5. Front Immunol. 2023 ;14 1134661
      Nuclear factor κB (NF-κB) is a dimeric transcription factor constituted by two of five protein family members. It plays an essential role in inflammation and immunity by regulating the expression of numerous chemokines, cytokines, transcription factors, and regulatory proteins. Since NF-κB is expressed in almost all human cells, it is important to understand its cell type-, tissue-, and stimulus-specific roles as well as its temporal dynamics and disease-specific context. Although NF-κB was discovered more than 35 years ago, many questions are still unanswered, and with the availability of novel technologies such as single-cell sequencing and cell fate-mapping, new fascinating questions arose. In this review, we will summarize current findings on the role of NF-κB in monocytes and macrophages. These innate immune cells show high plasticity and dynamically adjust their effector functions against invading pathogens and environmental cues. Their versatile functions can range from antimicrobial defense and antitumor immune responses to foam cell formation and wound healing. NF-κB is crucial for their activation and balances their phenotypes by finely coordinating transcriptional and epigenomic programs. Thereby, NF-κB is critically involved in inflammasome activation, cytokine release, and cell survival. Macrophage-specific NF-κB activation has far-reaching implications in the development and progression of numerous inflammatory diseases. Moreover, recent findings highlighted the temporal dynamics of myeloid NF-κB activation and underlined the complexity of this inflammatory master regulator. This review will provide an overview of the complex roles of NF-κB in macrophage signal transduction, polarization, inflammasome activation, and cell survival.
    Keywords:  NF-κB – nuclear factor kappa B; immunity; inflammation; monocyte – macrophage; signaling/signaling pathways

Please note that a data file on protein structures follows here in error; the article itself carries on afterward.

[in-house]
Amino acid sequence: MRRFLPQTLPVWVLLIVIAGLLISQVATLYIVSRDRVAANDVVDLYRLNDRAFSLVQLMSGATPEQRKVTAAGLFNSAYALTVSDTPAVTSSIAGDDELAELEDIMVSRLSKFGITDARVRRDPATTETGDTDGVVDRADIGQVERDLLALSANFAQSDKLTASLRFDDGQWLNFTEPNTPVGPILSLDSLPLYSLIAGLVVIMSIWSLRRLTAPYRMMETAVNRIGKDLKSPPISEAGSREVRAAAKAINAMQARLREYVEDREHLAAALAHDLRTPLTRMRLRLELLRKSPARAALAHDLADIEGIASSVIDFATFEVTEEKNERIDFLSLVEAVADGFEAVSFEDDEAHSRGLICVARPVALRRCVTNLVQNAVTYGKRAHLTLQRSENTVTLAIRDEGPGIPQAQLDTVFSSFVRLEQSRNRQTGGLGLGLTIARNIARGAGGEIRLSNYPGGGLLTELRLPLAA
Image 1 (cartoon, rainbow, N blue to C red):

6. Front Netw Physiol. 2022 ;2 937739
      Cirrhosis of the liver is a systemic condition with raising prevalence worldwide. Patients with cirrhosis are highly susceptible to develop bacterial infections leading to acute decompensation and acute-on-chronic liver failure both associated with a high morbidity and mortality and sparse therapeutic options other than transplantation. Mononuclear phagocytes play a central role in innate immune responses and represent a first line of defence against pathogens. Their function includes phagocytosis, killing of bacteria, antigen presentation, cytokine production as well as recruitment and activation of immune effector cells. Liver injury and development of cirrhosis induces activation of liver resident Kupffer cells and recruitment of monocytes to the liver. Damage- and pathogen-associated molecular patterns promote systemic inflammation which involves multiple compartments besides the liver, such as the circulation, gut, peritoneal cavity and others. The function of circulating monocytes and tissue macrophages is severely impaired and worsens along with cirrhosis progression. The underlying mechanisms are complex and incompletely understood. Recent 'omics' technologies help to transform our understanding of cellular diversity and function in health and disease. In this review we point out the current state of knowledge on phenotypical and functional changes of monocytes and macrophages during cirrhosis evolution in different compartments and their role in disease progression. We also discuss the value of potential prognostic markers for cirrhosis-associated immuneparesis, and future immunotherapeutic strategies that may reduce the need for transplantation and death.